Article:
Traversing the Spaces in Between
by Mary Sojourner
la·cu·na; pl. la·cu·nae (-n?) or la·cu·nas
1. An empty space or a missing part; a gap
2. Anatomy: a cavity, space, especially in bone…
A guy I knew forty-five years ago lives in Thailand. He somehow found my email address and wrote me. He’s still a lush. He’s still brilliant. He sent me a link to a Thai newspaper article. The site was no longer there. I wrote him back:
The newspaper article is gone. Those damn tricky lacunae. Lacuna has been my favorite word for a few years. Lacunae are a characteristic of the black widow spider’s web. People? By and large we are tedious in our predictability. The black widow spider isn’t surprised that she spins an asymmetrical web or that there are ragged holes in it. The web catches food. What more could a hard-working spider want? Found myself by luck and not settling for less, standing in the perfect place at the base of a little mesa on July 4 to watch the fireworks being launched from its top. Galaxies and luminous jelly-fish. Nobody singing about bombs bursting in air. My gratitude was doubled, for what was and wasn’t there.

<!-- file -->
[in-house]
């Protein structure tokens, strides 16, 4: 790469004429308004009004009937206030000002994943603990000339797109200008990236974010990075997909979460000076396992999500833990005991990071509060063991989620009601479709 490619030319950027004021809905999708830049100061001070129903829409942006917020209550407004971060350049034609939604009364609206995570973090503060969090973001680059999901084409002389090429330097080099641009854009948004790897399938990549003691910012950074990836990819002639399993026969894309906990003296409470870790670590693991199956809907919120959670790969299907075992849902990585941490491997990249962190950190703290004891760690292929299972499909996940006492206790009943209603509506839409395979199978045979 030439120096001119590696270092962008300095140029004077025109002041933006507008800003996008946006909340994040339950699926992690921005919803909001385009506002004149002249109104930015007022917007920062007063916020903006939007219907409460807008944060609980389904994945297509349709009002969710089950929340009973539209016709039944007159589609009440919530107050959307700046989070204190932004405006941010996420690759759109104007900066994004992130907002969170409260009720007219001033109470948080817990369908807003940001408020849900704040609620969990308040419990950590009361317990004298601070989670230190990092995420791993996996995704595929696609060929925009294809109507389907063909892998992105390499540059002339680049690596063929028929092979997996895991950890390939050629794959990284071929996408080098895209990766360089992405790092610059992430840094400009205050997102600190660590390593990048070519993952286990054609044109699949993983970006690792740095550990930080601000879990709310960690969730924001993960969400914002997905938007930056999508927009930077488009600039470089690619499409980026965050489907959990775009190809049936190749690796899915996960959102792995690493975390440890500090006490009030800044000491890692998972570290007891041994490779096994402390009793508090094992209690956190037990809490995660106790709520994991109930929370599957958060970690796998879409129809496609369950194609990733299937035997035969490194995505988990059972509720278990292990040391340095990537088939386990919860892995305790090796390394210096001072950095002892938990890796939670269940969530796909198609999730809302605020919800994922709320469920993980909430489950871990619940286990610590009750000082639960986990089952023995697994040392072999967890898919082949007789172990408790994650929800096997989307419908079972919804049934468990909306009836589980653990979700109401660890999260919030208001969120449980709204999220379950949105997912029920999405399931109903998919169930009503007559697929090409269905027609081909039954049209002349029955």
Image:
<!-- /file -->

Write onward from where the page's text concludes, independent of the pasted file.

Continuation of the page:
What is and isn’t here. I am here. Three days in a row I’ve walked a loop through Bend, Oregon’s downtown, onto the path along the river, through a big impeccably clean park and back through the labyrinth of streets that leads to my house. It was on the first walk along the Deschutes — in the midst of families and couples and a wildly happy gang of young Goths — that I became aware that I was the only woman walking alone. I sat on a bench, watched the Canada geese and retraced my steps. I couldn’t remember seeing one other woman walking, eating, drinking coffee, sitting on a bench alone. Every woman I saw was with others: a partner/husband, a friend or friends, children, grand-children.
The next day I walked to the music festival in the downtown. There were bands and craft booths and opportunities to gorge on everything from Hawaiian barbecue to Marionberry shortcakes. I opted for the shortcakes and sat on a bench to eat and conduct an experiment. Thirty minutes later, I’d seen not one woman alone. I resumed walking, stopped to talk to a young woman jeweler. Her work was luminous and austere, our conversation was anything but austere. It was a moment of connection beyond age, a moment of luminosity fueled by our art.
By the time I returned home two hours later, I’d still not seen a single woman walking alone. I called my friend, I., and told her the results of my two-day experiment. We talked of the time 20, 25 years ago when more than a few middle-aged women knew they needed to take their lives in their own hands. We talked of the pioneering of that time, the moves west, the solo drives across country, the leaving home for a new home in a town in which a woman knew no one. I. said she would conduct her own experiments in the no-longer little Arizona town in which she lives.
I wrote my woman friend, B., this morning: